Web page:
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Dennis Hall: Financial planning differences across the pond

US clients want to intervene while people are calmer in the UK

The special relationship between the UK and the US extends beyond politics and is felt deep within financial services. Consider some of their lead figures, such as George Kinder, Maria Nemeth, Mark Tibergien, Dimensional and Vanguard, and you can appreciate the extent of US influence.

We tend to see them as closer to the leading edge of where things are going, although I am not so sure. I have been travelling to the US on a regular basis for the past 15 years or so as I have friends there. I have been introduced to their friends and have become part of their community. I have also become friendly with Steve, a financial adviser with clients from some of New York’s wealthier commuter towns in New Jersey.

I was out to dinner recently with a few people, including Steve. He was continually on his Blackberry and did not look relaxed and I wondered why.

It seems his clients were spooked by the markets and were constantly texting him. I compared this with my portfolio of clients who, by and large, are riding the waves.

After some discussion, we figured out it boiled down to a different culture in the US and it is not one that I would readily want to import. This difference was brought into sharper definition during a conversation about healthcare with some senior citizens.

I was lost for words as they reeled off the drugs they were on. There was a strange sense of pride attached to the ever growing list, which was crowned by one fit-looking senior announcing he had just been scheduled for a pacemaker.

We got into a debate about healthcare and financial advice and concluded that what they believed they were paying for was action, however that might be defined.

Getting things done equates to value for money for them. Whether it is getting maximum bang for their buck by their health insurance paying for procedures or having a very active portfolio manager, no one was prepared to just let things happen. Intervention was the name of the game.

I should admit I have read, listened to and acted on a lot of advice from over the pond and a lot of it makes sense to me but not all translates to the UK marketplace. The more I visit the US, the more I feel the need to take a huge marker pen and strike through a lot of what they are telling us.

But therein lies a problem. Who in the UK is able to act with the same degree of conviction and acceptance? I really am struggling to name home-grown talent that commands as much attention from consumers as the North American names that spring to mind. And even if I could, would I be prepared to listen to them?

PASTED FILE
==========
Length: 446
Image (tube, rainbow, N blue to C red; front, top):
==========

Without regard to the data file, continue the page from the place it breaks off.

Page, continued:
Dennis Hall is managing director at Yellowtail Financial Planning


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There are 8 comments at the moment, we would love to hear your opinion too.

  1. Interesting article – it’s something I have noticed when talking to friends in the USA. They seem to take a far more active interest in portfolio mix, asset allocation etc. too.

  2. I don’t think this is a USA v UK issue.

    Nick Murray (American financial adviser / author) is very committed to the long term sit and hold type approach and has a large following.

    One UK financial adviser my colleague met one night a couple of weeks ago was rushing into the office first thing in the morning as ‘the market is going to fall 10% tomorrow!’. I hate to think what has happened to his clients given that market actually rose about 7.5%!

  3. Agree with you Dennis, noticed this difference all the time.

    Many – not all – Americans work over much shorter time horizons, and have boundless faith in their ability to identify the best Stock / Drug / whatever.
    We tend to be less convinced we have the power to change things.

    As ever, a ‘mid pond’ approach may have merit. But that’s Iceland, and we all know what happened there!

  4. Do they have our compensation machine over there?

  5. Groucho Marx once famously described a stockbroker as someone who invests your money until it’s all gone. And he knew that from experience.
    I understand that whole of life contracts are promoted rather than term. Hence, I suppose, life settlement funds.
    The USA locks up the directors of web based betting sites and yet promotes Las Vegas, a town where you can lose your money 24 hours a day every day. A country full of contradictions I’m afraid.

  6. I have clients from about 20 countries, many Americans, Brits, Europeans, Australians and Kiwis, French, you name it. The hardest by far are the US nationals, they do, as you point out, expect action.

    The buy and hold strategy is perceived by them as you doing nothing and not working for them. I tell them that I am not a stockbroker but a long term financial planner. To them, there is no difference, you handle their money and therefore you act.

    It can be tiresome!

  7. If you go a little further across the pond to Australia you will find the key positioning of top financial advisers is ‘lifestyle financial planning’. And it’s nothing to do with life coaching or tree hugging. The net result is that clients stop chasing the stockmarket and focus on their lifestyle needs, seeing it as a long-time journey, as is their retirement.

  8. Green Eyed Monster 12th December 2011 at 11:32 am

    Thank you Tony Dickin!

    I was beginning to believe our readers did not know the difference between financial planning and portfolio management. The headline to the article does not help. please change it to ‘Portfolio Management differences across the pond’

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